In Japan, the most mature market in Asia, consumers are willing to spend money for good lingerie...
Micha S. Siebenhandl, CEO of Huber Holding speaks about Asian lingerie markets during his conversation with Fibre2Fashion Correspondent Manushi Gandhi.
Huber Holding is an Austrian lingerie manufacturer based in Gotzis in Vorarlberg. The company started in 1908. What started as a small family business has turned into a multinational bodywear group across the years and has become a fixture in the brand landscape of our world with a product needed by everybody but with greatly differing expectations. Its brand's are Skinny Bodywear, Hanro International and Huber bodywear.
Micha S. Siebenhandl is the CEO and Chairman of the Executive Board at Huber Holding AG since April 2014. Prior to this, from October 2012 to March 2014, he was the Vice President & General Manager Eyewear at Rodenstock in Munich, Germany. He started his career as a Sales & Marketing Director at Marchon GmbH in June 1997.
How has HUBER HOLDING grown over the last two years? What were the company’s most significant achievements during this period?
The company’s achievements are:
Market analyses and also dealing with the past and the resulting changes in the collections
Flexibility in handling customers’ wishes (e.g. 70 per cent of merchandise is adapted for customers before it leaves the factory)
Restructuring of processes from a pure wholesaler to processes close to the POS with IT support
Reorganisation of finished goods warehouse with high IT integration in order to improve the service level (adjustments)
Streamlining of the supplier structure in Asia
Encouraging the fully integrated manufacturing of our goods in Europe (from the thread to the finished piece of underwear)
USA subsidiary success
What are the major challenges faced by leading lingerie retailers across the globe?
So far the major challenges are:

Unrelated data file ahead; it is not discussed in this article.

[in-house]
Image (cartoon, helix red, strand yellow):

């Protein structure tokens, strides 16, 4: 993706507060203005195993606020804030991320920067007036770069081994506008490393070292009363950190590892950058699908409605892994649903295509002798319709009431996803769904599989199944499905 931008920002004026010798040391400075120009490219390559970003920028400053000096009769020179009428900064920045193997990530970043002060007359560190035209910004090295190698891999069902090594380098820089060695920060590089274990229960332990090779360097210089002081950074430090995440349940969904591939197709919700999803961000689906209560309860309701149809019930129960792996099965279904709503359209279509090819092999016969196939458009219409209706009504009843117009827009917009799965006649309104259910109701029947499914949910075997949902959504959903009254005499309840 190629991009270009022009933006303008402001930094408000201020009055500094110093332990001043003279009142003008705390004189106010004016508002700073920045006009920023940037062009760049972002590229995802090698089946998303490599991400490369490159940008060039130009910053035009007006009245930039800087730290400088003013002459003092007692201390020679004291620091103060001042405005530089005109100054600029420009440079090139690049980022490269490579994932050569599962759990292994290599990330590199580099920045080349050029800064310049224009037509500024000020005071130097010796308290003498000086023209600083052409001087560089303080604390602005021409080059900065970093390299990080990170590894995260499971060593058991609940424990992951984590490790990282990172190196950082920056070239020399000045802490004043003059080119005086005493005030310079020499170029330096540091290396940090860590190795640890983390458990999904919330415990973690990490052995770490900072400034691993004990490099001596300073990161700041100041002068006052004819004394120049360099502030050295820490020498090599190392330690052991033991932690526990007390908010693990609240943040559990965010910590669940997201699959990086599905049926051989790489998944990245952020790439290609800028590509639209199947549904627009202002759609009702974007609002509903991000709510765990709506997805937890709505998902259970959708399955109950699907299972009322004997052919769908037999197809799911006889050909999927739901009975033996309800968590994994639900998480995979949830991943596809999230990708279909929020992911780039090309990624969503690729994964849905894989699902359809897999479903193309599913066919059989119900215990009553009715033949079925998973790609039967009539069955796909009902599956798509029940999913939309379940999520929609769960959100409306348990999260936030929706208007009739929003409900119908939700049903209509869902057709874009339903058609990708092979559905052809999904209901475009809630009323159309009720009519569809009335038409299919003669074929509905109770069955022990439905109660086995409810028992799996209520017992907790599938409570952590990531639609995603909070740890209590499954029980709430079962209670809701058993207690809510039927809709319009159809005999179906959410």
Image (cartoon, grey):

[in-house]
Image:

High level of quality.
Working in partnership with suppliers and customers.
Developing specific sector expertise in order to provide advice as a wholesaler for vertically structured customers.
Promoting our own vertical integration and acting as one of the driving forces in eCommerce on the increasingly transparent market.
How is marketing for lingerie different from that of other segments?
Marketing for lingerie has to be sensitive to the fact that lingerie is a very intimate and delicate product; it is not something people generally talk about and is also not visible in public. This has consequences for the selection of images and models, and also for public relations and outdoor campaigns.
Please tell us about the ups and downs in the costs of raw materials faced by lingerie manufacturers over the last two years.
In our segment (mainly medium-grade cotton), the procurement prices of natural fibres have steadily gone down over the past few years after practically exploding in 2010 and 2011 as a result of speculation and targeted shortages. Over the past few months, however, we have noticed an increase in the price of fine and extra-fine threads (Supima, Giza, etc.). The synthetic fibre segment has remained relatively stable for our product groups.
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